Monthly Archives: May 2020

Historicity of Prahlada, the virtuous Asura king

Prahlada was the son of Hiranyakashipu, the daitya king who ruled from his capital Hiranyapura identified with Hyrcania situated near the town of Astrabad (now known as Gorgan in Iran). Hiranyakashipu had amassed much wealth and conquered large territories. Probably Hiranya was the title of the family or gotra. Hiranyakashipu was an egoist, materialist, atheist and had forbidden the worship of the Creator and ordered his own worship as the real lord of the world. He is said to have persecuted the Manavas who were living in his kingdom because of their religious views. One day a king Narasimha belonging to Naravyaghra tribe from India stealthily entered his palace and killed Hiranyakashipu. There is also a view that he was killed by a lion and his death led to great rejoicing among the Manavas who interpreted his end as having been accomplished by their own God Hari which means a lion.

That Narasimha went to Hyrcania is confirmed by an inscription found at Tell-el-obeid dated about 4500 B.C. which mentions that king Aannipadda the then ruler of Ur dedicated a temple to goddess Ninharsag. Except for the god being a female the similarity between the names Narasimha and Ninharsag appears striking.

Hiranyakashipu was succeeded by his son Prahlada who was wise, just, fearless and truthful. He showed greater tolerance to his Manava subjects who thrived under his rule and was liked by them. For his virtues he became the first Asura teacher from whom even Brahmana teachers learnt.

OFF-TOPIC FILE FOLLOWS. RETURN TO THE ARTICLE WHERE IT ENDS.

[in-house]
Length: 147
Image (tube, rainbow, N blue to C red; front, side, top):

Prahlada ruled for a long time and his capital was located in Mulasthana, modern Multan (in Pakistan). In Mahaharata, shanti parva, Bhishma has described Prahlada as one who possessed great learning, unattached to all worldly objects, free from pride, self- restrained, devoted to various vows and steadily engaged in the study of the soul and in acquiring emancipation. Due to his spiritual inclination Prahlada later gave up his kingdom. Prahlada had four sons, Virochana, Kumbha, Nikumbha and Kapila. It was Kapila who conceived the concept of the four ashramas, namely brahmacharya, gruhasta, vanaprasta and sanyasa.

Prahlada in the hands of the Vaishnava exponents became an ideal for laymen to inculcate fearlessness and faith in God. Adherents of Madhva sect believe saint Sri Raghavendra Swamy to be an avatar of Prahlada.

References

  1. Mohan Singh- The Legend of Prahlada, QJMS, vol 31 (2) 1940 and vol 32 (1), 1941.

  2. Jwala Prasad Singhal- Some Light on Ancient world history from the Puranas, The Indian Historical Quarterly, Vol III, March 1927, No.1

  3. J.P.Mittal – History of Ancient India (700 B.C.-4250 B.C.) Vol- I, Atlantic Publishers and Distributors, New Delhi, 2006

  4. Nundo Lal Dey- Rasatala or the Underworld, Calcutta, 1927